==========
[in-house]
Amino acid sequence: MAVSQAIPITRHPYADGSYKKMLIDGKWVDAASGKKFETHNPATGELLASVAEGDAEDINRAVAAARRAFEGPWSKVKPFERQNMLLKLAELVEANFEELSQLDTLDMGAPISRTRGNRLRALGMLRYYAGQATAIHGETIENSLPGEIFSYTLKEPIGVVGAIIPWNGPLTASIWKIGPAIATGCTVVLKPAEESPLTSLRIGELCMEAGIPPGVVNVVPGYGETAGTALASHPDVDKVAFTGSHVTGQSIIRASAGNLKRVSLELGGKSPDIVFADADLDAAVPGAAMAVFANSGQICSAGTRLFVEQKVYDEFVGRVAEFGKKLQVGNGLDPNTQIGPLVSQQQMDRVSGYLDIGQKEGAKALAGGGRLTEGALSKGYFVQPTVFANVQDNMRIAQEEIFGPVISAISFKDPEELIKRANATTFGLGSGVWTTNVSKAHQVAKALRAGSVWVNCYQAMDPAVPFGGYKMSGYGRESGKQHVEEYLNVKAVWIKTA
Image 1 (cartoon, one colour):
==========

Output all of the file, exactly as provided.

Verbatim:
[in-house]
Amino acid sequence: MAVSQAIPITRHPYADGSYKKMLIDGKWVDAASGKKFETHNPATGELLASVAEGDAEDINRAVAAARRAFEGPWSKVKPFERQNMLLKLAELVEANFEELSQLDTLDMGAPISRTRGNRLRALGMLRYYAGQATAIHGETIENSLPGEIFSYTLKEPIGVVGAIIPWNGPLTASIWKIGPAIATGCTVVLKPAEESPLTSLRIGELCMEAGIPPGVVNVVPGYGETAGTALASHPDVDKVAFTGSHVTGQSIIRASAGNLKRVSLELGGKSPDIVFADADLDAAVPGAAMAVFANSGQICSAGTRLFVEQKVYDEFVGRVAEFGKKLQVGNGLDPNTQIGPLVSQQQMDRVSGYLDIGQKEGAKALAGGGRLTEGALSKGYFVQPTVFANVQDNMRIAQEEIFGPVISAISFKDPEELIKRANATTFGLGSGVWTTNVSKAHQVAKALRAGSVWVNCYQAMDPAVPFGGYKMSGYGRESGKQHVEEYLNVKAVWIKTA
Image 1 (cartoon, one colour):